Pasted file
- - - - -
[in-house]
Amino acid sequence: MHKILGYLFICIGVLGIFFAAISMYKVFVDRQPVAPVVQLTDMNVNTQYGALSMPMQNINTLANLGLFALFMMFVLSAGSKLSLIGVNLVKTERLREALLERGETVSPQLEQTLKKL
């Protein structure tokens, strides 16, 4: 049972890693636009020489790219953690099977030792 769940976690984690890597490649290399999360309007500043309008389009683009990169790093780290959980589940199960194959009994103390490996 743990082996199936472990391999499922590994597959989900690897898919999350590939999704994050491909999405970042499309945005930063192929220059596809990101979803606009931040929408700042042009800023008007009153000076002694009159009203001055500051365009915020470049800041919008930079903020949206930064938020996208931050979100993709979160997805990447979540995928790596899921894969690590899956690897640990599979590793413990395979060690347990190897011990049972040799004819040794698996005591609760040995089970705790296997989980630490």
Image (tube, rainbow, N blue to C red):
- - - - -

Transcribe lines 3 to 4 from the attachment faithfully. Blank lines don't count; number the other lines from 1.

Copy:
């Protein structure tokens, strides 16, 4: 049972890693636009020489790219953690099977030792 769940976690984690890597490649290399999360309007500043309008389009683009990169790093780290959980589940199960194959009994103390490996 743990082996199936472990391999499922590994597959989900690897898919999350590939999704994050491909999405970042499309945005930063192929220059596809990101979803606009931040929408700042042009800023008007009153000076002694009159009203001055500051365009915020470049800041919008930079903020949206930064938020996208931050979100993709979160997805990447979540995928790596899921894969690590899956690897640990599979590793413990395979060690347990190897011990049972040799004819040794698996005591609760040995089970705790296997989980630490």
Image (tube, rainbow, N blue to C red):